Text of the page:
The Worf Effect: Any heavy hitter facing Molly Hayes gets this. She one-punched the Punisher once and Wolverine twice.
Worst Aid: Analyzed and played straight. When it looks like Chase is dead from being held under the water, the other kids all throw out different suggestions to bring him back to life, ranging from sucking the water out to the heimlich maneuver. They do use CPR, but none of them can remember how many compressions to give him. It does cross over into CPR (Clean, Pretty, Reliable) territory when it brings him back fully even though his heart had been stopped for several minutes.
You Have Failed Me: Lieutenant Flores in the first volume's last arc, after an unsanctioned attempt to bring in the kids nearly gets them killed and destroys the first Hostel. Alex's dad is waiting for him when the cops get him out of the rubble, and is not happy.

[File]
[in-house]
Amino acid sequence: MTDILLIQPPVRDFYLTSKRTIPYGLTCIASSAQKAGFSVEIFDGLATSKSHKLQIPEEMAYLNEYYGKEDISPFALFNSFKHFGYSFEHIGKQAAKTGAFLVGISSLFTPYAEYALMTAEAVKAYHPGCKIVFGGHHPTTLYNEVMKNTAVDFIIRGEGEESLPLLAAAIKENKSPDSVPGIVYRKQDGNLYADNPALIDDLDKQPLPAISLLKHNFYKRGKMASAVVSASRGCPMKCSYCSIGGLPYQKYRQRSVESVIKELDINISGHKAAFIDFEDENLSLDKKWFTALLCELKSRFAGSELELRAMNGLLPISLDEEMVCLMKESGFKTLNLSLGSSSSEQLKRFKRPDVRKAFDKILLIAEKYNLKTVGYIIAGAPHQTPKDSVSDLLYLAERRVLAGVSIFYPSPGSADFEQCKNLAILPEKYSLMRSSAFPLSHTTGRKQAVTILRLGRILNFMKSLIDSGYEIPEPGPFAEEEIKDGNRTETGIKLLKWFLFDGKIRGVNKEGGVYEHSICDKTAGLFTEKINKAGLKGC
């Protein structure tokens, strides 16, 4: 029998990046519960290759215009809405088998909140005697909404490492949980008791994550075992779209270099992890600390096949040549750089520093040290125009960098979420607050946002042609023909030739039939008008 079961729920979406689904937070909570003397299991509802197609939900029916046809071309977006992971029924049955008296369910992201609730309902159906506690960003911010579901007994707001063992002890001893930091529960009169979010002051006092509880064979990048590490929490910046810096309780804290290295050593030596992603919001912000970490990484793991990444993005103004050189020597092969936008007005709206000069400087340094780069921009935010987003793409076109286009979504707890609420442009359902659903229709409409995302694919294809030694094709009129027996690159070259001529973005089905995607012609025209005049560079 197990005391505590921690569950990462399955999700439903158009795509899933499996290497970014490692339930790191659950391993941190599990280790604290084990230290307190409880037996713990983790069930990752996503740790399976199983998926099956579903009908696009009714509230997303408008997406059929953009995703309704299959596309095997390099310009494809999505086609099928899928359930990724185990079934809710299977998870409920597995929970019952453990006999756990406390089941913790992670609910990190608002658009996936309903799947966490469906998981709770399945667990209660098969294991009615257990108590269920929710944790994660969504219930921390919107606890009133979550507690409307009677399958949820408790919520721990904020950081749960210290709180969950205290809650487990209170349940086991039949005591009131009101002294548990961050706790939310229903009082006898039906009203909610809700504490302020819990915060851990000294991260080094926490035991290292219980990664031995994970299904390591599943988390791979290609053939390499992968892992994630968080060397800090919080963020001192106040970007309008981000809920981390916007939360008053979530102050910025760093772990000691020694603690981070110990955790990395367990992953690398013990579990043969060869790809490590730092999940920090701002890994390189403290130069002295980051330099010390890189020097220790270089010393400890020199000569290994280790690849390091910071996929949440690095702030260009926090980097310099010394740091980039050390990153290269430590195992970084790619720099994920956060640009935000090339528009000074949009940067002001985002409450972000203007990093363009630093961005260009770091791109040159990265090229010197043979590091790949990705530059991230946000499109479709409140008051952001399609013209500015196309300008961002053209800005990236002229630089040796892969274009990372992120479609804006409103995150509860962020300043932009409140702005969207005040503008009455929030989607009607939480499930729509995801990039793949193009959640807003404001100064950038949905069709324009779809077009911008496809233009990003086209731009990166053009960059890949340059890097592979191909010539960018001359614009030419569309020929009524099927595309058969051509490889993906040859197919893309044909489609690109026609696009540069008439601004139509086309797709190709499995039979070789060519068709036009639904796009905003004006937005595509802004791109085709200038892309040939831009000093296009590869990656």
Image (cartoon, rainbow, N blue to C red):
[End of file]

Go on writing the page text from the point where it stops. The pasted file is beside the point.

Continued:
You Watch Too Much X: When the team discovers Karolina's powers, Alex suggests her that her Med-Alert bracelet is made of something that inhibits them. He gets halfway through the word "Kryptonite" before Chase cuts him off. "You've been watching too many WB shows, bro."
Your Vampires Suck: Ironically aimed at Joss Whedon, who later ended up writing for the book.